Health, Nature, Science

Ditching the Pills?

This image shows a whole and a cut lemon.

This image shows a whole and a cut lemon. (Photo credit: Wikipedia)

As we face more snow, it always seems to snow on my birthday these days, which is nice, and America is getting more than its fair share too, the folks at Gizmodo UK asked for the commenters’ DIY cold remedies.

The kind of cold and flu pills and powders you find in pharmacies seem to all be variations on the same drugs – pain killers, antiinflamatories, decongestants, lemon or blackcurrant flavourings – and many people are trying traditional methods instead, though many still use some medicines too.

Some, myself included, mix the powdered hot lemon drinks with honey – for its antibacterial properties; some make a honey and lemon drink using fresh fruit juice and take a paracetamol with it; others swear by whiskey.  Hot baths and wrapping up well are always popular, as is staying in bed although for many of us that’s not a viable option.

Finally a good hot curry was offered along with other drinks recipes.  I can agree with the curry option for one because you can at least taste it even if it doesn’t clear you out.

[Gizmodo UK]

Health, Nature, Outdoors, Psychology, Science, Society

Everyday Dangers

Dangerous Risk Adrenaline Suicide by Fear of F...

Dangerous Risk Adrenaline Suicide by Fear of Falling (Photo credit:

Jared Diamond of The New York Times provides an interesting lesson about how people in the modern world perceive dangers.  After witnessing friends in New Guinea refusing to sleep under an old, dead tree due to the risk of it falling he realised that people have begun to worry more about the bigger, more unlikely risks such as terrorist attacks, nuclear radiation, plane crashes and so on and be less vigilant towards smaller risks that are taken or encountered very often – risks that are ignored because people think “that’s not a problem, I’m careful” while often not being.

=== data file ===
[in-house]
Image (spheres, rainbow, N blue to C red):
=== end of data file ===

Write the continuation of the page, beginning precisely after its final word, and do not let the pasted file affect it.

I personally have this “hypervigilant attitude towards repeated risks” or “constructive paranoia” – I watch what I’m doing when I’m descending the long flight of stairs outside, I wear well treaded shoes on snow and ice and I’m particularly careful when handling sheet glass; which can literally be lethal, or at least painful as the scars on my hands from unavoidable accidents attest.

As the article states, with access to emergency services and the assumption that help is only moments away the awareness of real dangers has become diminished and unlikely ones exaggerated.

Have a read of the full article, then be careful out there.


Science, Society, Work

Retail Tales: Unpleasant and Unhygenic

"Cover Coughs, Cover Sneezes" - NARA...

“Cover Coughs, Cover Sneezes” – NARA – 514081 (Photo credit: Wikipedia)

I have been feeling under the weather again this week, which may or may not be left over infection from last week when to be honest I was glad I’d booked the days after New Years as holidays.

This started me thinking about why I seem to get colds, sore throats and so on so regularly, I thought maybe I wasn’t healthy enough, maybe it was bad diet.  The answer isn’t pleasant, it’s shop customers.  Or rather the customers who come in coughing, sneezing and spluttering and leaving germs on my door handles.

When I cash-up I have to go and wash my hands afterwards because of the grubby feeling they’re left with, I know many people who do the same.  I know many people who work in shops and supermarkets who also fall ill regularly.